Grayscale Tracking And Gamma Response
Our grayscale and gamma tests are described in detail here.
While we always have high expectations of factory-calibrated monitors, this result simply blew us away. This is the out-of-box measurement with not a single option changed in the OSD. You’re looking at perfection here. Despite that, we explored the Custom Color mode just to see what would happen.
Switching to Custom Color generates another near-perfect chart. The only flaw is in the 100 percent level where the white points goes a little blue, however, it’s an invisible error.
Tweaking the RGB sliders gives us a comparable chart to the Standard mode but with one important caveat — gamma tracking is not as good. You’ll see that result below. We were able to achieve precise white balance thanks to the presence of both gain and offset controls. That lets the user adjust both high and low brightness points independently.
We didn’t think the EA244UHD would be eclipsed any time soon in the out-of-box grayscale test. But the U3415W takes the lead with an incredible .51dE result. That is simply phenomenal performance.
We couldn’t improve the grayscale tracking in Standard mode, so we’re letting the result stand in the calibrated monitor comparison. This Dell offers the best factory setup we’ve seen to date.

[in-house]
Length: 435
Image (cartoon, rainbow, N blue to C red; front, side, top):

Gamma performance is the only flaw in an otherwise perfect world where the U3415W is concerned. The Standard mode is okay, but there are sharp dips at 10 and 90 percent brightness. The errors represent 1.67 and 7.98cd/m2, respectively. Visually, they are slight, and overall gamma tracking is just a hair below 2.2 throughout the rest of the range.
This is the principle reason to avoid the Custom Color mode. This light gamma tracking means that color will look a little less-saturated. You’ll see that result on the next page. Unfortunately, there are only two gamma presets available, PC (2.2) and Mac (2.0). If there were a multi-point editor included, this tracking could be fixed.
There aren’t any significant gamma issues with any of the screens in the group, but the Dell finishes mid-pack. It’s far from a deal-breaker, but it is a flaw in a monitor that offers nearly perfect color and grayscale accuracy.
We calculate gamma deviation by simply expressing the difference from 2.2 as a percentage.
The two aforementioned dips hurt the overall score here. The Dell’s average value is 2.09 which is a bit low compared to the other displays.